Sunday, July 22th 2001
Life section

A wake-up call from China

Like it or not, the economic and social transformation that is taking place in China will impact greatly on Singapore, and attention must be paid to it.

THERE is a clear rule in print journalism, or at least in The Straits Times, that a news report should not also be a commentary on the subject being reported.

The reporter may feel strongly about the subject, but she should not inject her own views into the report, or slant it to suit her bias. She may, if she wants to, articulate her personal opinions about it in a separate article that is signalled clearly to the reader as a viewpoint or commentary piece.

She should put her byline to that piece. As former Cabinet minister S. Rajaratnam said, probably more than once, journalists should not be gutter-snipers''. Stand up and be counted. Pseudonyms have a place only in pieces that are meant to be entertaining and to be taken in that spirit, even if those pieces also aim to inform.

Other papers don't have to abide by this rule, but I believe it makes for sound and fair journalism. It's different on the Net, of course, where anyone with an opinion can simply shoot from her hips. There is no accountability, but as a result, no trust either.

So I was most disappointed by the page one report in the free sheet Today, last Saturday, which announced that Beijing had won its bid to host the 2008 Olympic Games. After the first two perfunctory paragraphs, the reporter, Kym-Kyna Tan, actually launched into a full-frontal assault on China that would not seem out of place in a rabid right-wing paper in the United States.

""But all those simplistic notions about how this would change China's face into a gentler one and pontifications about how the world's most populous nation has finally won global acceptance are just romantic daydreams,'' she pronounced by the third paragraph of what was supposed to be a news report.

There are as many supporters of China's win as there are naysayers for the reporter to pick soundbites from, to include in her report, and guess whom she chose to have that honour? A certain Robert Sheridan, director of fixed income, Standard and Poor's. Is he the most authoritative and balanced talking head to use in this first news report of a decision made by the International Olympic Committee? I doubt so.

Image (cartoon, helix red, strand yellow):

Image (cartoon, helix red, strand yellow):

The great Sheridan was quoted thus: ""It'll just strengthen their strangle-hold on power... they'll rally this nationalistic fervour that will firm up their position to crack down, brutally, on any opposition.'' 

And in what we in the trade call a kicker, a punchy summary to round off a piece, he was allowed to expound: ""What they'll gain is international credibility, which is invaluable... this is the final green light for China that they can act and do as they please.'' 

Woah! 

I was disappointed by that report - it was really a bald commentary, but not sign-posted as one - because it wasn't written by some hackette, but by a young, bright, articulate reporter who has shown that she has the ""write stuff'' to become a very good journalist. 

But why the simplistic - to borrow her word - report, and the quick, summary judgement? And why the hostility towards a country which she obviously does not know enough of? Judging by that report, what she knows of China is what she has read of it in the Western media. 

Was my once-mentor and good friend P. N. Balji, the CEO of the paper, not around to clear it? Because as a sharp veteran with ink in his veins, he should have known better than to have allowed a piece like this through, especially on page one of a commuter paper which boasts a circulation of 250,000. 

While China hasn't exactly proven that it could be the benign dominant world power that the US is, it has, in the last 20 years, lifted tens of millions of lives in the country from hardscrabble poverty to a standard of living that is far superior to those who huddle in America's inner cities. 

And it looks set to do so for the next 20, if not 100 years, even if there will be the inevitable convulsions and chaos that come with rapid change in a society, especially in such a huge one like China's, and one which had essentially not seen much change at least in terms of widespread hardships - for the last 400 years, since the Ming emperor recalled Admiral Zheng He's bold naval expeditions and closed the doors of the Middle Kingdom to the rest of the world.